We employ tools such as impedance spectroscopy, NMR, TEM, AFM, vibrational spectroscopy, calorimetry, and scattering to probe the structure and transport in multiphase polymeric materials. Our team is composed of a diverse group of materials scientists, chemists, and engineers with wide ranging skills in synthesis, advanced experimental technique development, and analytical analysis. Ultimately, the goal of our group’s work is to have impact on novel applications of polymer membranes and to uncover the fundamental factors that influence the structure and resulting properties of polymeric materials.
Selected from over 65 with more than 3200 citations - full list
Gross, M. L., K. R. Zavadil, M. A. Hickner, “Chemical Mapping and Electrical Conductivity of Carbon Nanotube Patterned Arrays,” J. Mater. Chem. 2011, DOI:10.1039/C1JM11107H.
Kim, S., T. Tighe, B. Schwenzer, J. Yan, J. Zhang, J. Liu, Z. Yang, M. A. Hickner, “Chemical and Mechanical Degradation of Sulfonated Poly(sulfone) Membranes in Vanadium Redox Flow Batteries,” J. Appl Electrochem. 2011, DOI:10.1007/s10800-011-0313-0.
Xie, H., T. Saito, M. A. Hickner, “Zeta Potential of Ion-Conductive Membranes by Streaming Current Measurements,” Langmuir 2011, 27(8), 4721–4727.
Mendoza, A. J., M. A. Hickner, J. Morgan, K. Rutter, C. Legzdins, “Raman Spectroscopic Mapping of the Carbon and PTFE Distribution in Gas Diffusion Layers,” Fuel Cells 2011, 11(2), 248-254.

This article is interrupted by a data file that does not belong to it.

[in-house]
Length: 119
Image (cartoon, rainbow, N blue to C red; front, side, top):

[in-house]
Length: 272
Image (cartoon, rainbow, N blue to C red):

Elabd, Y. A., M. A. Hickner, “Block Copolymers for Fuel Cells,” Macromolecules 2011, 44(1), 1-11.
Saito, T., T. H. Roberts, T. E. Long, B. E. Logan, M. A. Hickner, “Neutral Hydrophilic Cathode Catalyst Binders for Microbial Fuel Cells,” Energ. Environ. Sci. 2011, 4(3), 928-934.
Lee, D. K., T. Saito, A. J. Benesi, M. A. Hickner, H. R. Allcock, “Characterization of Water in Proton Conducting Membranes by Deuterium NMR T1 Relaxation,” J. Phys. Chem. B. 2011, 115(5), 776–783.
Vaughn, D., R. Patel, M. A. Hickner, R. E. Schaak, “Single Crystal Colloidal Nanosheets of GeS and GeSe,” J. Am. Chem. Soc. 2010, 132(43), 15170–15172.
Kim, S., J. Yan, B. Schwenzer, J. Zhang, L. Li, J. Liu, Z. Yang, M. A. Hickner, “Investigation of Sulfonated Poly(phenylsulfone) Membrane for Vanadium Redox Flow Batteries,” Electrochem. Comm. 2010, 12, 1650–1653.
Schaefer, Z. L., M. L. Gross, M. A. Hickner, R. E. Schaak, “Uniform Hollow C-Shells: Nano-Engineered Graphitic Supports for Improved Oxygen Reduction Catalysis,” Angew. Chemie Int. Ed. 2010, 49(39), 7045-704.
Moore, H. D., T. Saito, M. A. Hickner “Morphology and Transport Properties of Midblock-sulfonated Triblock Copolymers,” J. Mater. Chem. 2010, 20, 6316-6321.
Hickner, M. A., “Ion-Containing Polymers: Functional Materials for New Energy and Clean Water,” Materials Today 2010, 13(5), 34-41.
Yan, J., M. A. Hickner “Anion Exchange Membranes by Bromination of Benzylmethyl-containing Poly(sulfone)s,” Macromolecules 2010, 43, 2349–2356.